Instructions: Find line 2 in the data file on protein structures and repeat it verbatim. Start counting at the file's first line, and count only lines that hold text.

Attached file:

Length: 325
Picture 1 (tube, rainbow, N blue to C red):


Picture 1 (tube, rainbow, N blue to C red):